Minister for Transport Shane Ross has said the Charlemont to Sandyford section of MetroLink may be cancelled to prevent disruption to the Luas Green line in south Dublin.
Speaking to RTÉ News, he said: "The Government and I will not countenance a situation where there is a closure of a major infrastructural project, because it would be for a long period of time.
"The idea that we could close a vein or an artery into a major city for four years is completely and utterly unacceptable, or for two years is unacceptable.
"And I won't countenance any project that comes up with a proposal that inconveniences commuters to that extent or to any extent which is even comparable to that.
"It's out of orbit the four years and it won't be happening."
During Topical Issues in the Dáil the Minister said he would not sign off on any proposal for the Metrolink that would cause significant interruption to existing transport links.
Minister Ross was responding to TDs who raised media reports that the southside of the project from Charlemont to Sandyford is to be abandoned.
The minster said he will not tolerate a situation where there was a four-year interruption to a major route, adding that two years is too long as well.
Fianna Fáil's Jim Lahart said the decision to abandon the route to Sandyford would offer a once-in-a-lifetime opportunity to develop transport links into the southwest of Dublin.
"There is huge, vast gap between the Red and Green Luas lines with no public transport provision," Mr Lahart said.
His party colleague, Jim O'Callaghan, also called on the minister to reroute the project to areas such as Kimmage, Terenure, Rathfarnham and Rathgar.
"Dublin is crying out for a metro in the southwest region," he said.
"If we had linked up thinking I'd ask you to suggest that we should direct the drilling machine southwest to parts of the city crying out for public rail infrastructure."
However, the Minister has ruled out such a move, saying there is insufficient demand in these areas.
"Demand does not meet threshold to justify a metro service on the Terenure corridor," he told the chamber.
Mr Ross added that demand in this area is "best met through an improved bus service".
In response, Mr Lahart said the minister had effectively said the Government does not support the provision of light rail transport to areas of his constituency of Dublin South-West.
Meanwhile, Fine Gael's Noel Rock asked his Government colleague not to allow the people of the northside be "shafted" by a "southside squabble".
The Dublin North-West TD said the "uncosted and untested" alternative routes being put forward risk jeopardizing the project.
"Our options are to proceed with the project in two parts, or assess the various alternative routes," he said.
"These alternative routes would effectively shaft the northside."
In response, Mr Ross said that "the National Transport Authority and Transport Infrastructure Ireland will shortly publish a preferred route, including how best to minimise disruption".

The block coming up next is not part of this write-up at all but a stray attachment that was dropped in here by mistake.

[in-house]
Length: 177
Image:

He said this route will be published next month, adding it will be followed by another public consultation period before a final route is confirmed.
It comes as the Green Party leader suggested that two alternative route options should be looked at for the MetroLink on the southside of the capital.
The MetroLink was due to travel underground from Swords to Charlemont at the Grand Canal, where it was to link up with the Luas and run overground.
However, it now appears that the MetroLink will end at the Charlemont Luas stop, with just the Luas continuing on to the southside.
Speaking on RTÉ's News at One, Eamon Ryan said TDs have yet to see the details of the latest plans for the long-awaited project.
Mr Ryan said that if it was being shelved, then two alternative routes - one to the southwest to Harold's Cross, Terenure, Rathfarnham and Tallaght, and one to the southeast to UCD and Sandyford - should be examined.
He said the Luas Green line was working well and closing it for an extended period "would have had real consequences".
"We need much bigger quantities of public transport for every part of the city," he said.
"I think when you have the tunnelling machine at Charlemont, if that is where it stops, there is a real question of where would you run it from there.
"The real cost of the tunnelling machine is to put it into the ground, once you have it in the ground it's much cheaper to keep it going.
"Either run it to the southwest, to Harold's Cross, Terenure, Rathfarnham, Tallaght, or else to the southeast, to UCD, Sandyford."
Mr Ryan, a TD for Dublin Bay South, said both of these possible routes have "real merit".
"UCD is growing very fast and there are a huge number of people going there everyday," he said.
"There is a real gain to be made if we connect UCD to Trinity and DCU on the northside. You get that corridor connecting our three major colleges.
"The advantage of the southwest line is that it is one of the worst corridors in terms of public transport at the moment and that was the original route line that was looked at."
Mr Ryan said that rather than abandoning the southern section of the project, the Government need to think "bigger and more long-term".